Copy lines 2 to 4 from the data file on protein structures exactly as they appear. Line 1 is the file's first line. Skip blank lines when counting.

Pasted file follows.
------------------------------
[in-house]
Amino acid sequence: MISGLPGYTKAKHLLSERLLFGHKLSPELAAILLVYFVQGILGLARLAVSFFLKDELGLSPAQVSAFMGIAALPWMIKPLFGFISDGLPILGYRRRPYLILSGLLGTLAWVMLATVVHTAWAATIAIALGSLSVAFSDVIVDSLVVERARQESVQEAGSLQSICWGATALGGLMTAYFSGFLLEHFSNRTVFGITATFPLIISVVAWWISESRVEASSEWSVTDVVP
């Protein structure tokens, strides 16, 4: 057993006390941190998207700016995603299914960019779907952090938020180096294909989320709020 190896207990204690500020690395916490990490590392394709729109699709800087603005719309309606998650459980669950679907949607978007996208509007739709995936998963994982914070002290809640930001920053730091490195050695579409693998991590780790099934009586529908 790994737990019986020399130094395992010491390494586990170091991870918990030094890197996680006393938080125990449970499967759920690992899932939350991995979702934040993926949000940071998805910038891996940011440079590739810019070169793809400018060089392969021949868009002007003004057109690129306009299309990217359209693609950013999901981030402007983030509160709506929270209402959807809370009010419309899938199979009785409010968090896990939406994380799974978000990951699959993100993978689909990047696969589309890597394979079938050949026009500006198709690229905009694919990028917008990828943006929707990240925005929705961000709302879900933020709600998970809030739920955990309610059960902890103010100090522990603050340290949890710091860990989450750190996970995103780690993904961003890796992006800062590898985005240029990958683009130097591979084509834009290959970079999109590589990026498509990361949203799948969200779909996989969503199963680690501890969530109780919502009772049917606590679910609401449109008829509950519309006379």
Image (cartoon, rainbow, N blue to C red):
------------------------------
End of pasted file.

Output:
Amino acid sequence: MISGLPGYTKAKHLLSERLLFGHKLSPELAAILLVYFVQGILGLARLAVSFFLKDELGLSPAQVSAFMGIAALPWMIKPLFGFISDGLPILGYRRRPYLILSGLLGTLAWVMLATVVHTAWAATIAIALGSLSVAFSDVIVDSLVVERARQESVQEAGSLQSICWGATALGGLMTAYFSGFLLEHFSNRTVFGITATFPLIISVVAWWISESRVEASSEWSVTDVVP
């Protein structure tokens, strides 16, 4: 057993006390941190998207700016995603299914960019779907952090938020180096294909989320709020 190896207990204690500020690395916490990490590392394709729109699709800087603005719309309606998650459980669950679907949607978007996208509007739709995936998963994982914070002290809640930001920053730091490195050695579409693998991590780790099934009586529908 790994737990019986020399130094395992010491390494586990170091991870918990030094890197996680006393938080125990449970499967759920690992899932939350991995979702934040993926949000940071998805910038891996940011440079590739810019070169793809400018060089392969021949868009002007003004057109690129306009299309990217359209693609950013999901981030402007983030509160709506929270209402959807809370009010419309899938199979009785409010968090896990939406994380799974978000990951699959993100993978689909990047696969589309890597394979079938050949026009500006198709690229905009694919990028917008990828943006929707990240925005929705961000709302879900933020709600998970809030739920955990309610059960902890103010100090522990603050340290949890710091860990989450750190996970995103780690993904961003890796992006800062590898985005240029990958683009130097591979084509834009290959970079999109590589990026498509990361949203799948969200779909996989969503199963680690501890969530109780919502009772049917606590679910609401449109008829509950519309006379």
Image (cartoon, rainbow, N blue to C red):